Will streaming service competition lead to disaster for music fans?
From the mid-1970s into the ’80s, David Skinner tickled the ribs of the music industry while simultaneously poking the business in its vulnerable (yet funny) sides as resident cartoonist at the trade magazine Record World. He continues to do just that here on the subject of the many music streaming services and how they can daunt music lovers who just want to dig some cool tunes.
Vote in our Ranker streaming music poll here.
Don’t miss a post! Sign up for Best Classic Bands’ Newsletter; form is on every page.
Skinner’s first job after college was at an East Tennessee weekly, where he worked as a reporter and editorial cartoonist and also contributed a weekly comic strip called “Tales of Space Helen.” In 1977, his love for art, design and music landed him in New York, where he became the cartoonist and, later on, Art Director, for Record World magazine. While at Record World, he did cartoons for such notables as Elton John, Stephen Stills, Graham Nash, Led Zeppelin, and Billy Joel. He spent his last few years in New York art directing Doubleday’s Literary Guild Magazine. At Doubleday, he created marketing treatments for books by writers such as James Michener, Peter Maas, Stephen King, and celebrities such as Candice Bergen, Dinah Shore and Dr. Ruth Westheimer.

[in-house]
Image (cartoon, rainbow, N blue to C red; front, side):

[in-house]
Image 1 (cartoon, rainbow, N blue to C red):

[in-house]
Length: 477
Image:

In 1984, Skinner moved to Atlanta and co-founded a design and advertising agency called Indelible Inc. In the early 90’s, Skinner became involved in various musical projects, including Johnny Cash’s Return to the Promised Land, for which he designed the logo and co-wrote the title track with Cash and Hugh Waddell. He also wrote and recorded the Civil War concept album, John Hunt Morgan: A Southern Legend, which was considered for Gettysburg College’s famed Lincoln Prize, an award given annually to a literary work focusing on the American Civil War.
In 2005, Skinner formed a marketing, design, illustration and advertising agency called Bridgital.Some of his more recent works include a 20-foot bas-relief sculpture over the entrance to the University of West Georgia’s new football stadium, jingles that have aired weekly on the Grand Ole Opry and a watercolor hanging on the office wall of Supreme Court Justice Clarence Thomas.